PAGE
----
Saturday, February 23, 2013

Evangelism 2/21

As I sit here on my smartphone at 7:40 am, I realize that I don't have a smart introduction to this post. I think I may need to get some coffee which, as we all know, is the source of all wacky, jacked up inspiration.

Thursday nights here in Perth are dedicated to evangelism. Work duties are rearranged so that by the time 3:30 pm rolls around, the base is ready to be completely shut down.

This week was very tiring, for reasons I'll get into in another post, so by the time 6:00 rolled around and it was time for evangelism, I was feeling almost disassociated from my own body. You know that feeling that you're experiencing everything from the other side of a thick glass wall? That was me on Thursday night.

My school's assigned area is in a part of town called Northbridge. Northbridge is full of ways to distract oneself  - gentleman's clubs are right next to nice Asian diners and fancy clothing boutiques. Bars and arcade centers jostle for attention with art galleries, backpacker's travel agencies and hostels and a university. In short, Northbridge is the place to go if you are looking to fulfill any number of lusts.

Going on in Northbridge right now is the Fringe Festival. If you were to take Seattle's Folklife Festival and add theater, art showcases, freak shows, and institutionalize the alternative lifestyles present there, you would have the Fringe Festival. There is, no kidding, a tank of water with people dressed as mermaids inside it.

When we got into the festival on Thursday night, a group of film students had set up a green screen and were airing a number of short films on a giant film screen in the centre of an amphitheayre . They would walk through the crowds and get innocent passersby to step in front of the green screen and act the main roles of the short. When one of the students approached our group, my friend Azera jokingly volunteered my services.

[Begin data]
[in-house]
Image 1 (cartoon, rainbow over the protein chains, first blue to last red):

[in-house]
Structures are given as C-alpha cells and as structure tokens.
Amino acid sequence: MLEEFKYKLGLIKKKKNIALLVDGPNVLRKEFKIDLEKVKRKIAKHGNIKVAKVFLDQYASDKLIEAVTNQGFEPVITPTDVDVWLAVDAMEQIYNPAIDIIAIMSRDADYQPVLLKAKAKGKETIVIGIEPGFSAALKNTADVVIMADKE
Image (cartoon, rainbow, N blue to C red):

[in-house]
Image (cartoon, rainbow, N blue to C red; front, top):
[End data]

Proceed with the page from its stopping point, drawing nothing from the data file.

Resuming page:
She didn't expect me to actually do it.

There are pictures and someone recorded part of it, but I haven't gotten copies yet. When I do, I'll be sure to post some here for your entertainment.

But in all seriousness, being totally ridiculous on a giant screen helped me get in the evangelism mood. That night, we were supposed to hold up "free prayer" signs in an attempt to attract the attention of the denizens of the festival.

That begs the question - is there a time when it isn't free?

But I digress. I was standing in an area near one of the beer gardens. Of course, they aren't "beer gardens" at Fringe, they're "the fountain of Acquarius" and yes, there is a literal fountain involved.  Inside the area was a good old fashioned band playing music that was a mix of big band swing, klezmer, and all-Americana folk. Nothing sounds quite like it, especially when they started playing that song from the Aristicats.